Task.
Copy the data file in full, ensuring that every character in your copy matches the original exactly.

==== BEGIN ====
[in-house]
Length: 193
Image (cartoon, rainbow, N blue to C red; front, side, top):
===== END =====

[in-house]
Length: 193
Image (cartoon, rainbow, N blue to C red; front, side, top):